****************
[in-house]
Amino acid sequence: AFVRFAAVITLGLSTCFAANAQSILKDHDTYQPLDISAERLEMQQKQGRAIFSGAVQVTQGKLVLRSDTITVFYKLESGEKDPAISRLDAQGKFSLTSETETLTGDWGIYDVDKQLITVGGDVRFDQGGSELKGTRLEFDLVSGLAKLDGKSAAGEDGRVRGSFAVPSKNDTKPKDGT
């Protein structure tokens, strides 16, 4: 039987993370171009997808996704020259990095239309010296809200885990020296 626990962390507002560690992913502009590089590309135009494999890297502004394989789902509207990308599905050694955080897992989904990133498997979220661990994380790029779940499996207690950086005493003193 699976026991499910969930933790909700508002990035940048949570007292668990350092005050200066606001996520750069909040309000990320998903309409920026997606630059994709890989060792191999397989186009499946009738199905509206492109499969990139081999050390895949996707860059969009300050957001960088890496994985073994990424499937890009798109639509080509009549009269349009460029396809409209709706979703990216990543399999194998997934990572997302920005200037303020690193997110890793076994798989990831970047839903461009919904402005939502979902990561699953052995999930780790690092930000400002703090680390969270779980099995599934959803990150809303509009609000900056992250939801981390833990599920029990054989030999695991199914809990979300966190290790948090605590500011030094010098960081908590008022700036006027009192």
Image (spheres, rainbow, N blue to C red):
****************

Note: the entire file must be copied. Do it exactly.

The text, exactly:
[in-house]
Amino acid sequence: AFVRFAAVITLGLSTCFAANAQSILKDHDTYQPLDISAERLEMQQKQGRAIFSGAVQVTQGKLVLRSDTITVFYKLESGEKDPAISRLDAQGKFSLTSETETLTGDWGIYDVDKQLITVGGDVRFDQGGSELKGTRLEFDLVSGLAKLDGKSAAGEDGRVRGSFAVPSKNDTKPKDGT
């Protein structure tokens, strides 16, 4: 039987993370171009997808996704020259990095239309010296809200885990020296 626990962390507002560690992913502009590089590309135009494999890297502004394989789902509207990308599905050694955080897992989904990133498997979220661990994380790029779940499996207690950086005493003193 699976026991499910969930933790909700508002990035940048949570007292668990350092005050200066606001996520750069909040309000990320998903309409920026997606630059994709890989060792191999397989186009499946009738199905509206492109499969990139081999050390895949996707860059969009300050957001960088890496994985073994990424499937890009798109639509080509009549009269349009460029396809409209709706979703990216990543399999194998997934990572997302920005200037303020690193997110890793076994798989990831970047839903461009919904402005939502979902990561699953052995999930780790690092930000400002703090680390969270779980099995599934959803990150809303509009609000900056992250939801981390833990599920029990054989030999695991199914809990979300966190290790948090605590500011030094010098960081908590008022700036006027009192």
Image (spheres, rainbow, N blue to C red):